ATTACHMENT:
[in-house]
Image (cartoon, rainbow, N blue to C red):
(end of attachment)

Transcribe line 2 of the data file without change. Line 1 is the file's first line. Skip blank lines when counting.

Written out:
Image (cartoon, rainbow, N blue to C red):